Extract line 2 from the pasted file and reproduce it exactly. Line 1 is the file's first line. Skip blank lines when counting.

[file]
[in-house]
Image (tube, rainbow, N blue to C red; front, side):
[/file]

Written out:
Image (tube, rainbow, N blue to C red; front, side):